Advanced Task Management - As an alternative to Miro, Asana offers detailed task management capabilities with customizable fields, sub-tasks, and task dependencies, enabling users to track and manage work from start to finish at a granular level.
Robust Integration Options - Asana provides integration with a larger number of external tools than Miro, including file sharing platforms, communication apps, and other productivity tools, which enhances the flexibility and applicability of the software in diverse scenarios.
Timeline View and Gantt charts - Asana allows users to visualize project timelines in a linear fashion and create Gantt charts. This is particularly useful for project planning and tracking progress over time, a feature not as robust in Miro.
Reporting and Analytical Tools - Asana offers more advanced reporting and analytical tools than Miro. This means users can better monitor their project's status, identify bottlenecks, and measure performance metrics, which can aid in improving productivity and efficiency.
Workload Management - Asana has a workload feature that helps users to see how much work each team member has and if they are under or over their capacity. This is crucial for balancing workloads and ensuring that no one person is overwhelmed, which is a feature Miro does not provide.
Asana lacks real-time whiteboard capabilities which Miro is well known for. This makes Asana less effective for brainstorming sessions, collaborative design work, or any process that benefits from visual spatial arrangement.
Asana does not support in-app video or voice calls unlike Miro. This means you'd need additional tools or software to collaborate in real-time, which can complicate coordination and communication.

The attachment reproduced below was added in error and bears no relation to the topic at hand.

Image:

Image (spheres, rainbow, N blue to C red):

Less intuitive User Interface when compared to Miro. Lack of intuitive drag and drop interfaces, and mind mapping tools which are strong suites of Miro can be a hindrance in user experience.
Unlike Miro which is very design-centric and visually focused, Asana is more task-oriented, which might not be ideal for visually minded teams or teams requiring design thinking methodologies.
The presentation features of Asana are less dynamic compared to Miro. Miro's 'Presentation Mode' allows easy sharing and presentation of ideas, something that Asana lacks.

Pick #10

Google Jamboard

Google Jamboard is a digital whiteboard system developed by Google as part of its G Suite family of products. As a Miro alternative, it provides a collaborative, interactive platform for teams to brainstorm, ideate, visualize projects, and conduct meetings. With integrated Google tools like Google Docs, Sheets, and Slides, Jamboard offers a seamless way to integrate various forms of media including drawings, images, and notes. Users can access Jamboards from the web or mobile devices, allowing for easy real-time collaboration across multiple users, thereby making it a good alternative to Miro.